It’s a bird! It’s a plane! No, it’s an album. It’s a band! It’s a dream! Wait. It’s a new red wine brand, with a catchy label! Not another new wine brand – with a catchy new label.
Truth be told, One Time Spaceman is the name of an album; it’s also the name of a band; and now it’s a savory red wine from serious Paso Robles winegrowing and winemaking pedigree, with a savvy label straight out of the early 1900s from Austrian Koloman Moser’s influential pre-graphic-art portfolio. The cartoonish black-and-white label art portrays a squadron of astronauts illuminated by a giant glowing moon, as they fill barrels full of wine, before floating them up to thirstily awaiting space-helmet-clad ducks, who will then insert feeding tubes into the barrels. Because moon ducks need to get wasted too!
The label revelry is straight out of a dream by winemaker Mark Adams, a seasoned alternative rock/experimental/somewhat-psychedelic musician and now a rising star in the California wine industry. Adams’ path led him from Chico State University, Calif., to Los Angeles and a cinema studies degree, followed by a career in music and soundtrack editing, including a stint with indie-film pioneers Troma. After a collaboration with experimental musician David Vaught and heading an alt/country outfit called Rancho Deluxe, Adams cut sound effects for Sony, including work for television shows “Arrested Development” and “Deadwood.”
Not resting on his laurels, Adams moved up the coast to his hometown of Paso Robles with new wife Ciera Lamborn – a soprano at the Los Angeles Opera under General Director Placido Domingo – to follow friends on the same path and to further expand his biography by starting Ledge Vineyards. Adams then went on to work with the “next big thing,” Justin Smith and Saxum Winery. The Smith family’s estate vineyard happens to be the hallowed James Berry Vineyard, which provides prized syrah grapes to Carlisle, Copain and Villa Creek, as well lofty releases by Saxum, which Wine Spectator magazine named its “Winery Of The Year” for 2010.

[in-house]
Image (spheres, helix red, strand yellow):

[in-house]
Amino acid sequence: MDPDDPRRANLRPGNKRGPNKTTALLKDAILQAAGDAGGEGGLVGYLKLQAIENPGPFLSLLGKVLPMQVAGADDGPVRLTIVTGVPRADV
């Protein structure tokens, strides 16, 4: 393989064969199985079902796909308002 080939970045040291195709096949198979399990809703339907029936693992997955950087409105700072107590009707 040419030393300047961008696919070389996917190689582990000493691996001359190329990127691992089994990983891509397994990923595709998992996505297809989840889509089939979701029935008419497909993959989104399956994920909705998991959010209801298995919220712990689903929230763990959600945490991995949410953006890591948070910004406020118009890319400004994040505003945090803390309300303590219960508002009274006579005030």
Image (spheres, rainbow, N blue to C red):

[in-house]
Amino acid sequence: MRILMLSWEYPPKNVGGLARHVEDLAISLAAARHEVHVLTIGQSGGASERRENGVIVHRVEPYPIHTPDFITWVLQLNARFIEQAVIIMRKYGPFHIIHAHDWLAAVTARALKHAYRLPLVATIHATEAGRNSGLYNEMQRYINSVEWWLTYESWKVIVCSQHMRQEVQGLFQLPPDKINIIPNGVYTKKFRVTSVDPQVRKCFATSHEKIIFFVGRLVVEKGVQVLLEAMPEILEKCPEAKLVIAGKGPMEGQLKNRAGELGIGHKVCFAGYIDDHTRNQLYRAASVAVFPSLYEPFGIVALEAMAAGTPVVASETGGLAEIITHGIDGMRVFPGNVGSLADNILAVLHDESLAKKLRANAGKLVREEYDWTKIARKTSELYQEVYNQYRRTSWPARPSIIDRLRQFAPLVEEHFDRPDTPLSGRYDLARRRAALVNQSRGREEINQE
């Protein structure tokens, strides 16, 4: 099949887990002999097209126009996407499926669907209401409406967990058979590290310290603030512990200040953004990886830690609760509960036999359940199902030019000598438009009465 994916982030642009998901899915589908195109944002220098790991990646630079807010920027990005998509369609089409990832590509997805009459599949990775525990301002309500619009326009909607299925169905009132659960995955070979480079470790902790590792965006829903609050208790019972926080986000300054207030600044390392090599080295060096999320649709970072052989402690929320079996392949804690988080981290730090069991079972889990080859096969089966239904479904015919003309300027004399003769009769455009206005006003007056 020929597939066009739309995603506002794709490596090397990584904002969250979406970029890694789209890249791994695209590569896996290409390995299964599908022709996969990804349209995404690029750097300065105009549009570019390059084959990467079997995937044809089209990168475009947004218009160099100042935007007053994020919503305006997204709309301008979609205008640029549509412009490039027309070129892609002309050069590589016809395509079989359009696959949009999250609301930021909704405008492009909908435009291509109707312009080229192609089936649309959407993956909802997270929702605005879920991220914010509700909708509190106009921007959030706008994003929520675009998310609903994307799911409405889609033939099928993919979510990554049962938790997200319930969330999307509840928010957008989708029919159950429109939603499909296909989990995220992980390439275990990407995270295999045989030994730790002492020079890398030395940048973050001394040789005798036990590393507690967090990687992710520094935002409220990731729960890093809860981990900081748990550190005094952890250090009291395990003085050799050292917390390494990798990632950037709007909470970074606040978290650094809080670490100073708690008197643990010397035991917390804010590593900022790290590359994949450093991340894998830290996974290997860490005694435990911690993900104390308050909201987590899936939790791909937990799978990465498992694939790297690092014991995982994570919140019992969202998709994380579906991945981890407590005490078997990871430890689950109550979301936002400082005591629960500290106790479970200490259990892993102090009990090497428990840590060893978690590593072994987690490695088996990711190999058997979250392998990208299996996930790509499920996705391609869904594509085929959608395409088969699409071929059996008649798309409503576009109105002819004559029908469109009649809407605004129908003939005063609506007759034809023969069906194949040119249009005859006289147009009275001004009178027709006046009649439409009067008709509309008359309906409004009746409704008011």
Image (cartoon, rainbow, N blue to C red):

Adams, still fully involved in music, released the aforementioned solo album “One Time Spaceman” in 2010 to rave reviews in indie press circles, and, following a spate of national airplay, toured Europe solo and then proceeded to put together a band by the same name.
With both his music and wine careers “shooting to the moon,” the winemaker took on a partnership with Napa’s 3 Fingers Wine Company, who thought One Time Spaceman would be a good name for a wine. Adams is not only living the dream, he is also dreaming the dream. And getting moon ducks drunk on red wine, one barrel at a time.
Current releases from One Time Spaceman include the Reserve Airspace Ohana Proprietary Red and the focus of this rant, the Moon Duck Rhone Blend. Moon Duck is a fantastic, mouth-watering blend of grenache, syrah and mourvedre – in a grand style for which Paso Robles is famous – with an added splash of tempranillo. You are encouraged to enjoy it after a galactic conquest or during a family picnic on the oceans of Mars. It has the color of a red giant star in its last phase and aromas of astroberry, cosmic flower and plasma spice. In the mouth there are subtle notes of interstellar dust, while arrogant fruit goes straight to a rich nebula core. Deep space atmospheric cooling allows the fairly alcoholic wine (15.5 percent) to leave the palate with nary a tracer of heat or imbalance.
On a more earthly plane, the espresso flavors, underbrushy notes, baking spices, cherries, blackberries, dried herbs and flowers (lavender and violet) will fill the mouth with heavenly bliss. With great depth and vibrant acidity, it will pair alongside rich cheeses, tri-tip, dry rubbed short ribs, a cheeseburger or, perhaps, pomegranate moon duck. What kind of cheese is the moon made of again?
In a wine atmosphere increasingly filled with space junk, avoid all the floating debris and tune your dial to the stylish One Time Spaceman.
Cheers! Remember, wine reveals truth.
Drew Stofflet lives in Carbondale. Correspond with him at firstname.lastname@example.org